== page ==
4.5 / 5
Where we are, at any one given point, is an amalgamation of where we’ve been. We are a construct of our family, our experiences, and our own peculiar inner monologue, which filters everything into a narrative by which we construct our own lives around. We live through the anonymous textures of everyday life and it is only through our own self-imposed tyranny that we shape these textures into the service of an artificial plot construction with which we define ourselves.
If injecting Ranciere into a piece on a new Miley Cyrus album seems weird, it’s because 2015 has become exceedingly bizarre.
Miley Cyrus is, of course, the daughter of that guy that created the unfortunate “Achy Breaky Heart” country infatuation that North America endured at the dawn of the Nineties. She is also the breakout Disney star who entranced millions of tweens as Hannah Montana, the girl with the secret rockstar identity. Her career was probably supposed to go like dozens of Disney girls before her: star on her show for a few seasons, transition into singing bland pop songs that fit easily into the Billboard Top 40 for a little while, and then fade out into obscurity. Somewhere along the line something short-circuited. The singer decided to break the narrative, forming her own story out of the textures, rather than submitting to the tyranny of the Disney music mill. Maybe it was the tongue and the twerking alongside ol what’s his name, Alan Thicke’s son. Maybe it was the odd, Gaga-esque fashion choices. Maybe (most likely) it was the influence of mind-altering substances, like the Beatles after meeting Bob Dylan. Ms. Cyrus’ penchant for marijuana has been open for quite some time (video of her hitting the bong surfaced several years ago) and there are myriad references to it on this album.
The influence of drugs, of course, brings us to the real driving musical force behind Miley Cyrus and Her Dead Petz, which is the presence of Wayne Coyne and Steven Drozd, the main engine of Oklahoma’s psychedelic madmen The Flaming Lips. Aside from the tracks where superproducer Mike WiLL Made It produces, the fingerprints of Coyne and Drozd are everywhere: the quivering arpeggios, the languid strings, the overblown vocals, and especially the big, fuzzy marshmallow bass, straight out of The Soft Bulletin. “Karen Don’t Be Sad” and “Space Boots” could easily be B-sides from the Yoshimi Battles The Pink Robots sessions. “Slab Of Butter (Scorpion)” is a perfect fit for At War With The Mystics. After several albums of noise and experimental psychosis, it’s nice to see the Flaming Lips songwriting team get back to something more pop-oriented, and having Miley Cyrus be the singer on the project is the perfect mixture between balls-out bizarre and absolutely perfect.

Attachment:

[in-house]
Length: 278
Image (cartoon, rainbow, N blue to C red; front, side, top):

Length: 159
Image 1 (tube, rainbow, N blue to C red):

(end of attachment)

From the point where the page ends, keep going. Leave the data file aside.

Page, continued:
On Miley’s part, the lyrics are an odd combination between painfully personal and whimsically open. The former Disney star has been vocal in her embrace of drugs, sex, and genderfluidity, and there’s ample evidence of all three throughout. She lays out her mantra immediately on the opening track, “Dooo It!”: “Yeah, I smoke pot / Yeah, I like peace / But I don’t give a fuck / I ain’t no hippie”. Elsewhere she hilariously admonishes a lover for using baby talk all the time with her while admitting that they’re really, really good at the physical stuff; she ends “BB Talk” by telling said lover that she fucks them simply so that they’ll shut up. “Bang Me Box” gets filthy, right down into biological descriptions of arousal. On the other hand, “Pablow the Blowfish” is a rather whimsical song of being crushingly sad that your pet is dead and gone, and “Twinkle Song” is a ridiculously catchy acoustic number about dreams, meaning, and coping with death.
That’s Miley Cyrus and Her Dead Petz in a nutshell, really: one foot in adulthood, one foot still tentatively in childhood, her eyes on the sky and her head in a cloud and her mouth on a bong. It could use a good edit, since 23 tracks is a bit much, but that’s ultimately beside point. It’s simultaneously entrancing, infuriating, painful, wise, and very, very good. It’s messy and indulgent and noisy and willfully bizarre, much like MAYA, or They Were Wrong So We Drowned, or Yeezus, or The Terror, or countless other albums that I love. It’s an artistic statement by a woman who’s supposedly constrained towards writing to the radio but is free enough to do literally whatever the hell she wants, whether it be dress like a bizarre experimental fashion mannequin, explore cutting-edge concepts of gender and sexuality, or record psychedelic freak-art music with the Flaming Lips.
To quote a user on the (since taken down) YouTube stream of the album: “what the fuckin fuck universe am i in where i am actually diggin Miley Cyrus music? what in the fuckin fuck??”